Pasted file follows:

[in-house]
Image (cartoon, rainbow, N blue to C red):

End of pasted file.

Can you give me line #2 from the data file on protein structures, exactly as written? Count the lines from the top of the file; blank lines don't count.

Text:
Image (cartoon, rainbow, N blue to C red):